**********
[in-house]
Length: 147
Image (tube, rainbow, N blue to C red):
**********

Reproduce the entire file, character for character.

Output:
[in-house]
Length: 147
Image (tube, rainbow, N blue to C red):